About Skewray Research

A skewray is a ray that has non-zero angular momentum about the symmetry axis of an optical system. Rather than remaining embedded in a plane, a skewray corkscrews through the system along a spiral.

Brian M. Sutin founded Skewray Research, LLC as a sole proprietor in 2003 to provide consulting in optical systems.


Brian M. Sutin, Ph.D.


Brian M. Sutin consults in system engineering, system architecture, optical systems, and control systems for the aerospace, astronomy, and consumer electronics industries.

After graduating from University of California San Diego in applied mathematics, Brian began his career as a Faculty Research Assistant at the University of Maryland, writing calibration software for an astronomical millimeter-wave interferometer. He then attended University of California Santa Cruz to get a doctorate in Astrophysics. For his post-doctoral position, Brian worked with Harland Epps at Lick Observatory on various astronomical spectrometers for the Keck Telescope in Hawaii. He then moved to the Carnegie Institution for Science, where he was in charge of the optics for the IMACS spectrometer now on the Magellan Telescope in Chile.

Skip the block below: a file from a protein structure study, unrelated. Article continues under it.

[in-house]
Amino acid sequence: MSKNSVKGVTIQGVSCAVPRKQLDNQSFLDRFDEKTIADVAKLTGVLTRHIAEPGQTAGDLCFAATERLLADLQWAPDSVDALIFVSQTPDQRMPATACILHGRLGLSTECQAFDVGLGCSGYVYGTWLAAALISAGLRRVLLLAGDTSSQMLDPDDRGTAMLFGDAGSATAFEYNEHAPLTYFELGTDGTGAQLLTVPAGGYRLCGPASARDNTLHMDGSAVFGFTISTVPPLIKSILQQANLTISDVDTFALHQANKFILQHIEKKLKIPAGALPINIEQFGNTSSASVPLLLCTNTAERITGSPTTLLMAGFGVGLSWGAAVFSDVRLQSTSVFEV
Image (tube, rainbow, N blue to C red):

After the IMACS project completed, Brian went to Hamilton Sundstrand (now UTC Aerospace Systems) as a Space Instrument Systems Engineer, to work on the system engineering and optical design of the Orbiting Carbon Observatory (OCO) space satellite. Once OCO was delivered to NASA, Brian went on to perform system engineering for various space, land, and undersea mass spectrometer projects.

Brian now works for Jet Propulsion Laboratory as a Formulation Systems Engineer. He has worked on missions observing the Earth, astrophysics space missions, and probes to Venus, the asteroid belt, Saturn, and Neptune.


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ORCID iD iconorcid.org/0000-0002-8690-4830

Current Projects:

  • MAIA – measure the impact of aerosols on human health from space
  • Team XJPL’s rapid mission design team
  • VAMOS – detecting quakes on Venus from orbit
  • CMBPol – measure the polarization of the cosmic microwave background from the big bang

Past Projects: